The Thompson submachine gun, with a delayed blowback operation, was designed by General John T. Thompson in 1921. It was immediately put to work by military and law enforcement organizations around the world. The Thompson's high rate of fire of the .45 cal. ACP round gives the weapon tremendous stopping power. The Thompson was issued to airborne, armored and reconnaissance units among others.
M1928A1 Thompsons, Fort Benning, Winter 1941 Photo courtesy of Gabriel Benzur whose father took the photo. Thanks to 'NaMe LeSS' for correct ID of the Thompsons.
Two Marines, Davis P. Hargraves with Thompson submachine gun and Gabriel Chavarria with Browning Automatic Rifle (BAR), of 2d Battalion, 1st Marines, advance on Wana Ridge, Okinawa on 18 May 1945.
M1928 and M1928A1 Thompson Sub-Machine Guns
The M1928 Thompson Sub-Machine Gun ("Tommy Gun") was adapted from the civilian model of 1921, but with a rate-of-fire reducer. It has a vertical fore-grip, ribbed barrel and top-mounted cocking lever. The M1928 was the first Thompson purchased by the U.S. military in quantity, primarily the U.S. Navy and Marine Corps. The M1928 was replaced by the M1928A1 with a horizontal forend, removable buttstock, and swivels for attachment of a military sling. It was selective for semi- or fully-automatic fire with the .45 cal. ACP cartridge in 20- or 30-round magazines, or a 50-round drum at a rate of fire of 600-725 spm. It had a leaf with aperture notch battle sight.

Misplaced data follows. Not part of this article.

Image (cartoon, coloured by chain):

The M-1928A1 was relatively heavy, and expensive in use of materials, machine time, and machine tools. Records indicate total production of 562,511 by the end of WW II with production variants stemming from the M1/M1A1 design, including a fixed rear sight without the triangular sight guard wings and a non-ribbed barrel.
M1 & M1A1 Thompson Sub-Machine Gun
Thompson Submachinegun, Cal. 45, M1.
The M-1 / M-1A1 was also a blowback submachine gun, selective for semi- or fully-automatic fire. It fired the same .45 cal. cartridge in 20- or 30-round box magazines with a rate of fire of 700 spm in full automatic mode. The gun was reliable, and continued to operate when similar weapons would have failed due to exposure to battle-field conditions. Production was 354,000 weapons.
The M-1 Thompson was a redesign of the model M-1928A1 to simplify production. The M-1 had a permanently attached buttstock and a spring-loaded firing pin like the M1928A1. The M-1 would not accept the M-1928A1 drum type magazine. The M-1 had a simple fixed aperture rear sight.
The M-1A1 differed from the M-1 only in having the firing pin machined into the face of the bolt. The M-1 and M-1A1 models of the Thompson were developed by Savage Arms.
The loading lever is in a horizontal position on the right side. The butt is fixed in place by two screws. The Thompson is 32 inches long and weighs 10 3/4 pounds. It has a muzzle velocity 920 fps (feet per second).
Paratroopers commonly used a 20-round magazine. By the time the M-1A1 was in production, the 30-round magazine was common. Manufactures of this weapon were Thompson, Colt and Savage. The USAF had a holster assembly for the Thompson.
Recommended Books about the M1 & M1928 Thompson Submachine Guns
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